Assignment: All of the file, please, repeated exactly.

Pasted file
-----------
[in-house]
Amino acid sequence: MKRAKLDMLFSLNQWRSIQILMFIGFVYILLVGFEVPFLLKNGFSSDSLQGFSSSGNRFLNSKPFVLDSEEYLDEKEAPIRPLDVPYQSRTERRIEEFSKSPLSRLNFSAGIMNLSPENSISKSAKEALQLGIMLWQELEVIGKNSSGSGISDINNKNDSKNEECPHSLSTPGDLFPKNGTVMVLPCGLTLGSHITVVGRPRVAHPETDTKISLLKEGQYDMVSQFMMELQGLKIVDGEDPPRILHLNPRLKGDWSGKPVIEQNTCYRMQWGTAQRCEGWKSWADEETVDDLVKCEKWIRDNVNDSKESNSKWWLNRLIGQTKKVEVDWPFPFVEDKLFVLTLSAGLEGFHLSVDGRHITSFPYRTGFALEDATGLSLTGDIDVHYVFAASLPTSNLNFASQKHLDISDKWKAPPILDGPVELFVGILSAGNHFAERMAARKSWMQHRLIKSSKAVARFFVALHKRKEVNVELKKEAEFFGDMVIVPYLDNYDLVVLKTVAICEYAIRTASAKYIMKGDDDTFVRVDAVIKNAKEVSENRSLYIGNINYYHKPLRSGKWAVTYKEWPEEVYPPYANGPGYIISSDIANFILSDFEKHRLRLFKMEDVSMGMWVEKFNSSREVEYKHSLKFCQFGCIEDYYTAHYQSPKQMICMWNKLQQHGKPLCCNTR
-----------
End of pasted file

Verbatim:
[in-house]
Amino acid sequence: MKRAKLDMLFSLNQWRSIQILMFIGFVYILLVGFEVPFLLKNGFSSDSLQGFSSSGNRFLNSKPFVLDSEEYLDEKEAPIRPLDVPYQSRTERRIEEFSKSPLSRLNFSAGIMNLSPENSISKSAKEALQLGIMLWQELEVIGKNSSGSGISDINNKNDSKNEECPHSLSTPGDLFPKNGTVMVLPCGLTLGSHITVVGRPRVAHPETDTKISLLKEGQYDMVSQFMMELQGLKIVDGEDPPRILHLNPRLKGDWSGKPVIEQNTCYRMQWGTAQRCEGWKSWADEETVDDLVKCEKWIRDNVNDSKESNSKWWLNRLIGQTKKVEVDWPFPFVEDKLFVLTLSAGLEGFHLSVDGRHITSFPYRTGFALEDATGLSLTGDIDVHYVFAASLPTSNLNFASQKHLDISDKWKAPPILDGPVELFVGILSAGNHFAERMAARKSWMQHRLIKSSKAVARFFVALHKRKEVNVELKKEAEFFGDMVIVPYLDNYDLVVLKTVAICEYAIRTASAKYIMKGDDDTFVRVDAVIKNAKEVSENRSLYIGNINYYHKPLRSGKWAVTYKEWPEEVYPPYANGPGYIISSDIANFILSDFEKHRLRLFKMEDVSMGMWVEKFNSSREVEYKHSLKFCQFGCIEDYYTAHYQSPKQMICMWNKLQQHGKPLCCNTR